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Number of at-home mothers on the rise

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NEW YORK – The rising cost of child care is among likely reasons for a rise in the number of women staying home full-time with their children, according to a new Pew Research Center report released Tuesday.

Other factors cited by Pew to explain the increase include more immigrant mothers, who tend to stay home with children in greater numbers than U.S.-born moms; more women unable to find work; and ambivalence about the impact of working mothers on young children.

The share of mothers who do not work outside the home rose to 29 percent in 2012, the study found. That’s up from 23 percent at the turn of the century, according to the report. At the height of the recession in 2008, Pew estimated 26 percent of mothers were home with children.

The at-home moms include women who are married, single, disabled, enrolled in school or unable to find work.

Pew cited a 2010 U.S. census report that singled out the expense of child care as a factor.

In inflation-adjusted dollars, the average weekly child care expense for families with working mothers who paid for child care rose more than 70 percent, from $87 in 1985 to $148 in 2011, according to government estimates. That represented 7.2 percent of the income for such families.

Tricia Williamson, 30, in Liberty, N.C., quit her job as an editor and producer at a TV station after crunching the numbers and realizing her salary after the birth of her son a year ago would go primarily to commuting and child care expenses. Her husband earns about $44,000 a year as an electronics technician.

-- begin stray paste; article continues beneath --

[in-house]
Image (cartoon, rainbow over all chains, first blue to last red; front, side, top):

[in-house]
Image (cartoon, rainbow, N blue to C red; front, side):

“We’re not rich by any means. We live paycheck to paycheck, but it’s completely worth it,” she said. “My son wouldn’t be getting the attention he needs one-on-one. He’s got mom 24-7.”

The largest share of at-home mothers – roughly two-thirds of 10.4 million – had working husbands. A growing share – 6 percent in 2012, up from 1 percent in 2000 – said they could not find a job, according to Pew, which relied on U.S. Census and other government data.

No matter what their marital status, mothers at home are younger and less educated than working counterparts, the report said.

Most married moms said they were home specifically to care for the kids, while single mothers were more likely to say they couldn’t find a job, were ill or disabled, or were in school.

Among all at-home mothers in 2012, 51 percent had at least one child 5 or younger, compared with 41 percent of working mothers.

The researchers said one of the most striking demographic differences between at-home mothers and working mothers is their economic well-being, with about 34 percent of at-home mothers living in poverty, compared with 12 percent of working mothers.

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